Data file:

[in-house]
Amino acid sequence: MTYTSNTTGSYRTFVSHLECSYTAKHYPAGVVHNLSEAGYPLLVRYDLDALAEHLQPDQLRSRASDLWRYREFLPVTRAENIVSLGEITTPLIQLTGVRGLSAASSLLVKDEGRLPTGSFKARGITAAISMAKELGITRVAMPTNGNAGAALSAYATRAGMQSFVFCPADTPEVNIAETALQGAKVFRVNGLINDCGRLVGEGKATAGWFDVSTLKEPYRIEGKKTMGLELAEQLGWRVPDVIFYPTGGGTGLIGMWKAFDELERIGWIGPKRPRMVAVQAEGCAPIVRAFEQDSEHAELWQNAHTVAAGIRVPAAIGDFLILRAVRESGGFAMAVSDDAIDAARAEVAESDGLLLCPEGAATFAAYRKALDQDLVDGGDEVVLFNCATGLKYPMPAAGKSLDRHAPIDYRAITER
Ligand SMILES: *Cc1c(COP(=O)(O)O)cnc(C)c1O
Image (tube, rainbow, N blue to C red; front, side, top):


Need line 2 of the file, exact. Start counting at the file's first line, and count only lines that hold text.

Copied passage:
Amino acid sequence: MTYTSNTTGSYRTFVSHLECSYTAKHYPAGVVHNLSEAGYPLLVRYDLDALAEHLQPDQLRSRASDLWRYREFLPVTRAENIVSLGEITTPLIQLTGVRGLSAASSLLVKDEGRLPTGSFKARGITAAISMAKELGITRVAMPTNGNAGAALSAYATRAGMQSFVFCPADTPEVNIAETALQGAKVFRVNGLINDCGRLVGEGKATAGWFDVSTLKEPYRIEGKKTMGLELAEQLGWRVPDVIFYPTGGGTGLIGMWKAFDELERIGWIGPKRPRMVAVQAEGCAPIVRAFEQDSEHAELWQNAHTVAAGIRVPAAIGDFLILRAVRESGGFAMAVSDDAIDAARAEVAESDGLLLCPEGAATFAAYRKALDQDLVDGGDEVVLFNCATGLKYPMPAAGKSLDRHAPIDYRAITER